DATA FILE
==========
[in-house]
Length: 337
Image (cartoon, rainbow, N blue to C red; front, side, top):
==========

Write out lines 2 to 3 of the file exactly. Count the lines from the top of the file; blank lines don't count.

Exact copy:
Length: 337
Image (cartoon, rainbow, N blue to C red; front, side, top):